An Oregon State University professor of Women, Gender, and Sexuality Studies has alleged “white Christians” are to blame for West Coast wildfires because of their “denial of climate science.”
As revealed by the attentive folks at Campus Reform in an October 2 essay, Prof. Susan Shaw has insisted that “the West is burning while most white Christians turn away from the root causes of the devastation.”
Shaw writes that “the intensity and scope of these fires are a result of climate change” and its spread is due to the fact that “many Christians, especially white Christians, have embraced denial of climate science.”
“Just over half of white mainline Protestants agree that climate change is a crisis or major problem,” Shaw declares. “Only 44% of white evangelicals say the same. Nearly a quarter say it’s not a problem at all.”
The problem is not just religious but is also political, Shaw predictably asserts.
“The disturbing link between white evangelical support for Trump and disregard for climate change that disproportionately affects poor people of color around the world should probably not be all that surprising,” writes Shaw, who states that her “current research interests are in feminist studies in religion.”
“Not surprisingly, more than 70% of Democrats accept that human activity causes climate change, while only 22% of Republicans do,” Shaw laments. “Scholars suggest that politics more than religion may drive these beliefs, especially in such a partisan context as we presently have.”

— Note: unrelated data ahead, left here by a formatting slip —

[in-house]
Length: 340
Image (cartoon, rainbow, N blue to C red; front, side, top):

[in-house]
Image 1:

Shaw fails to mention the role of forest management in the rampant spread of the fires. Last month, NPR observed that “California and Oregon in particular are far behind stated goals of treating millions of acres of forests and wild lands through restoration projects, selective thinning of trees and brush and prescribed burning.”
“The treatments they’ve been implementing for years haven’t really been at the scale that they need to be to offset a wind-driven, climate change-exacerbated event,” said Andrew Sánchez Meador, director of the Ecological Restoration Institute at Northern Arizona University.
Similarly, Chuck DeVore, the vice president of national initiatives at the Texas Public Policy Foundation, wrote last year in Forbes that “it’s not climate change that’s burning up the forests, killing people, and destroying hundreds of homes; it’s decades of environmental mismanagement that has created a tinderbox of unharvested timber, dead trees, and thick underbrush.”
Shaw, instead, sees the problem as rooted in apocalyptic evangelicalism.
“Many white Christians believe God won’t let climate change destroy the earth. Others see climate-related disasters as signs of the end times,” she declares.
Prof. Shaw does not explain how exactly the spread of West Coast wildfires would be curbed if evangelicals were to buy into climate alarmism.
When Campus Reform asked Shaw about the strong language she used, she responded: “I don’t think that language is necessarily racially divisive or charged. It’s descriptive, and it’s the language the research I cited uses to look at climate science beliefs across Christians.”
“The research shows that among Christians, Whites significantly more than Blacks or Latinos, deny, minimize, or ignore climate science,” Shaw said, adding “that race and social class, more than theological beliefs, contributes to White Christians’ denial of climate science.”